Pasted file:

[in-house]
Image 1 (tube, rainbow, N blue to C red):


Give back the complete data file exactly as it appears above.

[in-house]
Image 1 (tube, rainbow, N blue to C red):